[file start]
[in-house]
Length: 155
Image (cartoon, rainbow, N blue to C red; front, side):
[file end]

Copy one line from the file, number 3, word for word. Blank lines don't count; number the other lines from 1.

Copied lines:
Image (cartoon, rainbow, N blue to C red; front, side):